My rating: 3.5 of 5 stars I received this book free from the Author in exchange for an honest review. This does not affect my opinion of the book or th...moreMy rating: 3.5 of 5 stars I received this book free from the Author in exchange for an honest review. This does not affect my opinion of the book or the content of my review.
‘That’s what it’s like to be a prisoner of anything. You want your freedom until you get it, then you feel bare without your chains.’
Senna Richards leads a life of solitary. Her novels have been on the bestseller’s list but she doesn’t wish to be famous, she’d rather be left alone. She awakes on the morning of her thirty-third birthday unable to recognize the walls around her and outside her windows all she can see is snow for miles. Enough food has been stockpiled to last her months upon months which she considers fortunate seeing as she’s unable to leave the locked cabin. In each of the rooms lies the evidence to who her captor is and private details of her life that she’s told few. Will the food last long enough for Senna to determine how to break out of this mind game someone is playing on her?
‘Fear, light footed, dances around me. She whispers seductively in my ear. We are lovers, fear and I. She calls to me, and I let her in.’
Mud Vein is an intense psychological thriller that I found to be quite fascinating. The story opens with Senna finding herself locked in a cabin in the middle of nowhere and the author slowly gives out details of Senna’s past in order to determine who exactly has done this to her. Senna, a recluse that rarely ventures out in public for anything other than the basic necessities, was a strange yet interesting character. After a brutal attack leaves her irrevocably changed she chances upon a man who nurses her back to health and inadvertently becomes an integral part of her life. Senna’s behavior after the attack was completely understandable and heartbreaking. No one should have to go through the mental trauma that she experienced in such a short time. While her behavior after the attack was conceivable, I had a bit of difficulty understanding how prior incidents caused her to separate herself completely from the world. I think more details on her past would have been helpful to show the emotional impact it had on her.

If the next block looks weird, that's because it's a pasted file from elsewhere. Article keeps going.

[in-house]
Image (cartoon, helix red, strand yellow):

I don’t typically read a lot of indie because the writing isn’t as polished as I expect from books. Mud Vein was for the most part well-done and while there were several sections that were missed in editing it wasn’t enough to diminish my enjoyment of the book. The story itself was written in such a way as to keep the pages turning, only giving you small snippets of information and always leaving you wanting more. I’ve been in a bit of a reading slump as of late and I read this book faster than any in recent weeks. The conclusion was surprising yet did leave me with questions on the motivation behind it all. I feel that I was so wrapped up in Senna’s confusion that I never took a step back to evaluate what was happening to her. It seems to me now that the answer could have and should have been obvious but I was kept oblivious in the dark until the final reveal.